I need some help with this question:

Let $f:[0,1] \rightarrow [0,1]$ be a continuous function. Show that there exists a $c \in [0,1]$ such that $f(c)^2 = c$.

Any help will be really appreciated.



closed as off-topic by anomaly, 3SAT, user228113, user147263, John B Feb 20 '16 at 0:02

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Since $f(x)$ is continuous in $[0,1]$ also $f(x)^2$ is continuous on the same domain since the square function is continuous, so the existence of $c \in [0,1]$ such that $f(c)^2=c$ is a consequence of the intermediate value theorem for the function $g(x)=f(x)^2-x$. See: Show that a continuous function has a fixed point.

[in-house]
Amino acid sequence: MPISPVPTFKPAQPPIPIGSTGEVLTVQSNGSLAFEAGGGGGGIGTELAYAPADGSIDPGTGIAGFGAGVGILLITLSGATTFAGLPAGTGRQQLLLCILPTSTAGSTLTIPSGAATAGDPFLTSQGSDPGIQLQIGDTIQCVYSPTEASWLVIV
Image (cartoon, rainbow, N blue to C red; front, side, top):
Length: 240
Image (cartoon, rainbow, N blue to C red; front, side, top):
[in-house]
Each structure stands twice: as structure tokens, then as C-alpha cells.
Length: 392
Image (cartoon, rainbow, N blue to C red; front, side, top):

• $\begingroup$ Where I am wrong? $\endgroup$ – Emilio Novati Feb 19 '16 at 20:38
  • $\begingroup$ I have no idea why you were down voted. But don't use $g(x) = f(x)^2 -x$ use $g(x) = f(x)^2$. And, I suppose, you must show that the range of f([0,1]) = g([0,1]) = [0,1]. But otherwise you answer is exactly correct. $\endgroup$ – fleablood Feb 19 '16 at 20:46
  • $\begingroup$ Oh, ... you are using g(x) = f(x)^2 -x to show that g(c) = 0 for some c. That's good. But the intermediate value theorem can be assumed to be proven so that isn't necessary. $\endgroup$ – fleablood Feb 19 '16 at 20:48
  • $\begingroup$ Maybe it's not necessary, but it is not wrong. Sometimes the downvotes are not inetellegible ! $\endgroup$ – Emilio Novati Feb 19 '16 at 20:52
  • $\begingroup$ Definitely NOT wrong. I'll upvote to counter it because ... it doesn't make sense that it was downvoted. $\endgroup$ – fleablood Feb 19 '16 at 20:54

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